Healthcare Technology Featured Article

July 23, 2013

More Than a Quarter of Pioneer ACOs to Leave the Program


The first-year look under the hood is in for the 32 Medicare Pioneer Accountable Care Organizations (ACOs). Most are making a go of it, as least so far. But because nine of them didn’t produce enough savings this first year, they will be doing something else next year. Seven will be leaving the flagship Medicare ACO program to enter the Medicare Shared Savings Program (MSSP). Two are dropping out entirely, according to the Centers for Medicare & Medicaid Services (CMS).

While CMS didn’t say which of the nine ACOs in question fall into which bucket, they did name names: Primecare Medical Network, University of Michigan, Physician Health Partners, Seton Health Alliance, Plus (North Texas Specialty Physicians and Texas Health Resources), HealthCare Partners Nevada ACO, HealthCare Partners California ACO, JSA Care Partners and Presbyterian Healthcare Services. 

This has everyone wondering what happened. Details have not been forthcoming, either from CMS or the ACOs themselves. Based on our work in the ACO ecosphere, we can make a few educated guesses on problem areas (in increasing order of importance) and what’s next.

  • It happens. In any new initiative, a certain proportion of participants will wash out. It’s inevitable, but not to the extent of nine out of 32.
  • Vendor issues. Getting the right vendor system in place at the right time is a critical success factor. Mature implementations—or lack thereof—can make or break a start-up ACO.
  •  Culture clashes. Changing an entrenched culture is difficult enough in one organization. Bringing disparate, well-established organizations into a single ACO and creating uniformity across operations and cultures is easier said than done. It doesn’t happen overnight. Successful ACOs will have to manage both cultural shifts and operational changes. The transition into a single ACO culture must be planned for and managed. Winning over the hearts and minds of the new ACO participants will take leadership as well as resources.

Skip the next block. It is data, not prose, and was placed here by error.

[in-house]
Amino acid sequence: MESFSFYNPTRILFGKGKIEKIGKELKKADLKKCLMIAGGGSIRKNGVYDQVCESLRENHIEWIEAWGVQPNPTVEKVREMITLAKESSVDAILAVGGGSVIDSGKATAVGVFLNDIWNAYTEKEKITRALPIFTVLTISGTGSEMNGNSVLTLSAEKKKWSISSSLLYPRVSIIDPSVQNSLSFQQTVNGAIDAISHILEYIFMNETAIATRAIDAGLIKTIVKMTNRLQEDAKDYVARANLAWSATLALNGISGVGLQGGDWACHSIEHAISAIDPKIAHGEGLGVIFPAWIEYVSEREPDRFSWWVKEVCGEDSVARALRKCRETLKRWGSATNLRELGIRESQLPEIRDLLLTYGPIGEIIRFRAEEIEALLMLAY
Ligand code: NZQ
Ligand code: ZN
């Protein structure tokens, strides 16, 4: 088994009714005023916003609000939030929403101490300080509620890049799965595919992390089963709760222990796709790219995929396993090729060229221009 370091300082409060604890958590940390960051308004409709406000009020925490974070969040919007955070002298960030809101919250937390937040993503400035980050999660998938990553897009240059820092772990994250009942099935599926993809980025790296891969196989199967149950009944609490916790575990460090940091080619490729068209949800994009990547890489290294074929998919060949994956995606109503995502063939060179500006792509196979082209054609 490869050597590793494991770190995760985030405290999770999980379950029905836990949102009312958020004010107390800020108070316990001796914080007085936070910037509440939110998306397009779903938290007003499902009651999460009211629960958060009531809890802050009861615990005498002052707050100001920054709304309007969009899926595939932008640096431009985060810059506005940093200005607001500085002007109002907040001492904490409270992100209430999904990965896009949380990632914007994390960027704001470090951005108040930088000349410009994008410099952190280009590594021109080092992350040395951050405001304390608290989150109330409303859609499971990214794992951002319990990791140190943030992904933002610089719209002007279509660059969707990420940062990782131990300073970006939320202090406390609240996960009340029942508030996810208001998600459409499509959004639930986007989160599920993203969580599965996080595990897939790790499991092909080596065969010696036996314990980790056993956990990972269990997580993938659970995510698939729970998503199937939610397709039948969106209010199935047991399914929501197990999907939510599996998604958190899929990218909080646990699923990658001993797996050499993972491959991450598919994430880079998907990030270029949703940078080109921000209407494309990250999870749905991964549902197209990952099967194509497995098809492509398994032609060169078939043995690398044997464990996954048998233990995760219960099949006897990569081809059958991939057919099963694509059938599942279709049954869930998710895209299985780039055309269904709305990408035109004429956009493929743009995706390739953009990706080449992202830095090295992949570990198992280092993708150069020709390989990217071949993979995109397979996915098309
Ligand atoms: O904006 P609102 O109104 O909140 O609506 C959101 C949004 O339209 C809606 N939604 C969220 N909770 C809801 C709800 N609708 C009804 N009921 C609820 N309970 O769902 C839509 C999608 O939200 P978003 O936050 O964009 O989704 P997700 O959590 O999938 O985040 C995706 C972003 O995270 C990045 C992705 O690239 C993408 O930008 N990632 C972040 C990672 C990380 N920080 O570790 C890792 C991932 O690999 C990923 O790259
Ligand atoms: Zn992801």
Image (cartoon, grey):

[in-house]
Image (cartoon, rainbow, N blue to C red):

• The bottom line imperative. The fate of the remaining 23 Pioneer ACOs rests on their ability to meet quality and cost targets. Quality doesn’t seem to be a problem. All achieved quality benchmarks and earned incentive payments for reporting their progress (as did the nine that are leaving the program). It comes down to the bottom line. The two Pioneer ACO dropouts racked up losses of $4.0 million between them. Financial problems likely motivated the other seven to alter their business model next year. Of the remaining 23 ACOs, only 13 produced enough savings that could be shared with CMS. They totaled savings of $87.6 million in 2012--and about $33 million for Medicare. This was due to in part to reductions in hospital admissions and readmissions.
  • Exit strategy needed. Even successful ACOs should have an exit strategy. It’s a contingency if revenues don’t materialize down the line. More importantly, the Pioneer project is over sooner rather than later: Pioneer ACOs signed up for three years and a potential maximum of five years. There are possibilities for what happens next. Leaving the program altogether is an option, as is dropping back to the MSSP. Former Pioneer ACOs potentially could continue as ACOs, but not under CMS sponsorship. Or they could negotiate risk contracts with a Medicare Advantage (MA) plan. As many pointed out early on, MA plans appear to be eerily similar to Pioneer ACOs.



Edited by Rich Steeves





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